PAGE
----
I got an M.A. in Creative Writing. I was a reporter on two daily newspapers and a weekly, wrote commercials for a radio station, wrote college public relations, all in Pennsylvania. I also had two novels published, both paperback originals, the lowest of the low on the publishing totem pole, but they managed to get me a part-time college teaching job in Rochester, so a decade and a half ago 1, my wife, and our son Taft, not yet two, moved north.
I'd never before been to Rochester and knew little about it. With two books, I reasoned, I might now be ready for the company of writers. Famous writers, of course, is what I had in mind. The only writer in Rochester whose name I recognized was Christopher Lasch; Culture of Narcissism had been a big best seller a few years earlier. They had no idea how to approach him, but by chance my wife met him. She decided she wanted to do graduate studies in history even though her bachelor's degree was in sociology. She applied to the University of Rochester and was interviewed by Lasch. She and Lasch discussed the fact she lacked the normal range of undergraduate history courses expected of someone seeking admission to the department. He told her he'd let her know.
In the meantime, a doctor said our son needed an operation for removal of a hydrecele. He went into the hospital, the operation was performed, the surgeon signed the discharge papers, and we waited for our boy to come out of anesthesia so we could take him home. He bled to death in the patient room, a victim of someone's failure to tie an internal stitch properly, of someone else's failure to monitor him properly, of still someone else's.... He died December 7,1981.
Two days later my wife received a short letter saying her application for admission to the graduate program at the U of R had been rejected. There was no explanation. There was a date: Dec. 7. There was a signature: Lasch. Of course he couldn't have known what terrible timing he was guilty of. Of course he may not have known my wife had a son who was beautiful and loved and wonderful. Of course he couldn't have known these or a thousand other things. Still, with a logic only a wounded heart can know, I've never forgiven him for the letter.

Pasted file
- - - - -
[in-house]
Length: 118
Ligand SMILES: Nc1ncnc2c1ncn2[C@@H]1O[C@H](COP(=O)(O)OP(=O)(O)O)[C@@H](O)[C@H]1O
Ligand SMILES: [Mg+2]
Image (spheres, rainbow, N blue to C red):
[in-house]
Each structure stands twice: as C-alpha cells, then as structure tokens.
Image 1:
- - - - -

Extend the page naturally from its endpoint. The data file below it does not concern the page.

Four or five years passed before I again made an effort to intrude myself into the company of writers.
There was in the interval a pleasant friendship formed with William Least Heat-Moon. Within a week of his Blue Highways being reviewed on the front page of the The New York Times Book Review and a long excerpt from it appearing as a cover story in The Atlantic (that week being the point he became a famous writer), he came to Rochester to visit with his friend (they were roommates three decades earlier at the University of Missouri), Scott Chisholm. Scott taught at the same college I did; Scott and Bill had dinner at my home, and every year or so for a while Bill came back to Rochester to visit Scott, and usually I got together with them. I got along well with Bill, but in truth I realized he was Scott's friend; Scott now teaches at Utah State University and he arranged for me to teach there for a year. Scott's in touch with Bill; I'm not.
The writer whose company I intruded into most was Richard Yates. hi the mid-80's, I decided I wanted to meet him, so I wrote to him saying 1 was a freelance writer and wanted to interview him for an article. A month later he telephoned; the voice was slurred-he'd been drinking-but we arranged a date to meet in Boston.
I prepared for the interview by rereading some of his work, making a library search of other articles on him (almost none) and reviews of his books. When I got to Boston in my Ford Escort I got lost. A few years later I would read Boston has a reputation for being among the most confusing cities in the nation to drive in. I didn't know that then, and the exit I missed on the Massachusetts Turnpike seemed, instead, proof of my inability to meet and befriend real writers, famous writers. The nearly two hours I drove around downtown looking for Commonwealth Avenue (which doesn't go downtown) confirmed my belief in the inability. I arrived two hours late at The Crossroads, the bar he had given me directions to.
Months later I received a letter from a Matthew Bruccoli, editor of a series of books called Understanding Contemporary American Literature, published by the University of South Carolina Press. He offered me a $500 advance to write a book on Yates. He said Yates suggested my name. The letter was about the length of this paragraph.